that each component needs to handle. There is a tight correspondence between UML design diagrams and
the components needed for the implementation. Several UML diagrams are geared towards messaging
(sequence and collaboration) although their implementation does not rely on it. The UML model and the
implementation are disconnected when MDP is not used. Since all components share the same messaging
interface, they can also be readily added to BPM/BPEL diagrams. As mentioned earlier, this is similar to
building blocks that can be reused and connected in many different ways.
Development process. Since each component that relies on messaging is self-contained, a large team of
people can cooperate in the development effort without stepping on each other’s work/code. In the ideal
situation, responsibility for one component/package can be given to an individual. The rest of the team only
needs to know the input/output messages that someone else’s component is designed to handle. In
general, there is no need to change someone else’s code. The need for creating, maintaining and merging
several versions of the code is also minimized or eliminated. Testing/QA engineers can perform their
testing independently via a testing harness. As a general rule, there is no need to add testing code to the
component itself.
Logging and Debugging. Since all the components use the same messaging interface, messages can be
logged automatically. This minimizes the need for print/logging statements inside the code which can be
time consuming and error-prone. By taking a look at the messages being interchanged and automatically
logged, the user is usually able to quickly track down the message/component that is causing the problem
(with minimum or no extra effort).
Security. Well-known encryption and authentication mechanisms fit in well with the messaging design
pattern. Strong security can be provided by the framework that implements MDP [3]. This is done by
encrypting and authenticating the messages being interchanged. The sender and the recipient do not need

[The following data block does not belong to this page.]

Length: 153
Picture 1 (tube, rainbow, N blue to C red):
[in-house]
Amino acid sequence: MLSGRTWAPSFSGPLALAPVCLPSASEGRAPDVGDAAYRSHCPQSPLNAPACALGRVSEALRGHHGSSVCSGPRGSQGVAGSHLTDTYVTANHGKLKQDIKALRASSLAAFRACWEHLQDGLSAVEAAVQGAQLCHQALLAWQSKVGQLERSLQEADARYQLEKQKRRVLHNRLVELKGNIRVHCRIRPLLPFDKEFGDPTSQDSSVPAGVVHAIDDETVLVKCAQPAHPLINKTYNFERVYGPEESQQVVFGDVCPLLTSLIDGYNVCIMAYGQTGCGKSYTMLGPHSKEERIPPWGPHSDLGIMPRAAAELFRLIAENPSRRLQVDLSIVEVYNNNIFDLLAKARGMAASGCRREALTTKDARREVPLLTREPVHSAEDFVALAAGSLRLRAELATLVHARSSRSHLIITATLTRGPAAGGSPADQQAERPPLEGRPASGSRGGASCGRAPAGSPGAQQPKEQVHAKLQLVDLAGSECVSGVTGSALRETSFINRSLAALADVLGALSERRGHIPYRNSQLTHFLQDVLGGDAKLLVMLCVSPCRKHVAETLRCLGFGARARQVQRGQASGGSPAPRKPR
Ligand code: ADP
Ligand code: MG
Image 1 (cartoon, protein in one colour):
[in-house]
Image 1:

to be too concerned with how secure messaging is implemented. This provides strong security while at the
same time simplifying the implementation of security. If required, custom security mechanisms can also be
incorporated: sender and receiver need to agree on, and implement the message encryption/authentication
mechanism to be used.
Multithreading and asynchronous messaging (Live or Animated objects). MDP is able to handle the
complexities associated with multithreading and asynchronous messaging. Components that implement
MDP are able to execute in a separate/independent thread. This is a natural representation of the real
world: each component (entity) is a self-contained unit and executes independently for the rest of the
system. Messages can be processed asynchronously using the component’s own independent thread.
Entities that follow this pattern are referred as live or animated. This capability is usually implemented in
the context of a component framework [3]. The component does not need to add separate logic to handle
multithreading which is time consuming, complex and prone to error. ”
https://java.net/downloads/jt/MDP.pdf

 

Messaging Patterns in Service-Oriented Architecture, Part 1
“This first of a two-part series discusses how messaging patterns exist at different levels of abstraction in SOA. Rather than explicitly declaring how systems will interact through low-level protocols and object-oriented architectures, SOA provides an abstract interface through which a service can interact with other services or applications through a loosely coupled (often asynchronous), message-based communication model. (23 printed pages)”
https://msdn.microsoft.com/en-us/library/aa480027.aspx

Messaging Patterns in Service-Oriented Architecture, Part 2
“Explores the contract patterns that illustrate the behavioral specifications required to maintain smooth communications between service provider and service consumer; also explores message construction patterns that describe creation of message content that travels across the messaging system. (9 printed pages)”
https://msdn.microsoft.com/en-us/library/aa480061.aspx

 

 

Chronicle Queue
“Chronicle Queue works like a standard Java Queue, but unlike the standard queue, Chronicle Queue is able to persist every single event, It records each event to a memory mapped file.”
http://chronicle.software/products/chronicle-queue/